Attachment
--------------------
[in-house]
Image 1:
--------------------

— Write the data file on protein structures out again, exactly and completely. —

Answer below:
[in-house]
Image 1: